A new augmented reality app developed by a USF professor will help bilingual students in the near future. 

What You Need To Know

  • Sara Smith developed the MARVL app

  • She came up with idea after years of teaching diverse students

  • All you need is the app, and a special set of flashcards

“(Augmented reality) lets the child feel like they’re living in a Pixar movie. It really adds this element of whimsy and magic on top of the lesson,” said Sara Smith, who developed the MARVL app

Smith, an assistant professor of ESOL and foreign language at USF, came up with the idea several years ago.   

The idea came to her when she saw a friend’s son playing Pokémon Go.  

“I’d been working on this challenge for some time. I had been a teacher in a classroom with really diverse students, so I’d been thinking about how can we provide resources to support our teachers who are teaching increasingly diverse students?” she said.  

So, with the help of USF, she collaborated with developers, graphic designers, artists and other researchers to make it come to life.  

“We can have magical things pop up, you can have our characters think about things and you can see what’s inside their little thought bubbles,” she said.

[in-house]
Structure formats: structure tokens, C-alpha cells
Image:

All you need is the app and a special set of flashcards.  

Point the camera at the cards, and two virtual characters pop up to teach users English or Spanish.  

“Ivan knows everything, he’s your cool older brother. And Watson the sloth is like his silly sidekick,” she said. 

The beta version will launch this spring.  

Smith says several schools are already in the works to test it out.  

And, as someone with no prior tech experience, she hopes this inspires others that they can still make an impact:  

“If you see a challenge and you see that challenge in a really up close way and you think oh I think tech could help me with this, you may be the exact right person to reach out to people in tech and to come up with that idea.” 

Smith next goal is to create a Haitian Creole version.  

She’s still looking for beta testers.  

If you’re an educator and are interested in helping, you can email her at sarasmith3@usf.edu